Ninety Mile Beach Marine National Park
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Located 30km south of Sale and adjacent to Gippsland Lakes Coastal Park, this park covers 5km of coastline. This untamed stretch of coastline runs alongside the slender strip of sand dunes that protect the Gippsland Lakes.
Beneath the water, vast plains of sand stretch in every direction. However, the sand is not as monotonous as it may appear; wave action and currents sort sand particles into different groups and layers whilst surface features, such as mounds and ripples, are a result of animal and wave action. The coast does not have any rocky headlands or platforms, and offshore there are only a few ribbons of reef which are periodically covered by sand. These formed as shorelines or sand dunes during ice-ages when the sea level was lower than today.
The huge subtidal sandy expanses characteristic of the area, are teeming with marine life. In fact, they are known to have one of the highest species diversity levels of any place on the planet, with 860 species discovered within 10 square meters. These sand dwelling critters can include tube building worms, small molluscs and many tiny crustaceans.
Larger animals are less common, but octopuses, brittle stars, crabs and an unusual coral species can be found. You may also see a Stargazer peering up at you from the sand or many pelagic (free-swimming) fish species feeding on the smorgasbord of tiny animals within the sand. Young Great White Sharks can be found in the area chasing snapper, one of their favourite foods.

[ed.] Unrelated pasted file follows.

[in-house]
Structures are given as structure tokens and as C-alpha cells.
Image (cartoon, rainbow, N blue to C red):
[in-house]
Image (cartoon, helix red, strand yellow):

Ninety Mile Beach Marine National Park is accessible by road or via boat (launching point in Seaspray or McGauran’s Beach).
Things to do
This park is a fantastic place to visit for nature walks as the beaches are long and beautiful. Visitors also enjoy swimming, surfing and boating in the area. Snorkelling and diving will introduce people to an underwater world very different to many of Victoria’s other Marine Protected Areas.
Aboriginal Traditional Owners
Parks Victoria acknowledges the Aboriginal Traditional Owners of Victoria - including its parks and reserves. Through their cultural traditions, Aboriginal people maintain their connection to their ancestral lands and waters.
Indigenous tradition indicates that this park is part of the Country of the Gunaikurnai indigenous people.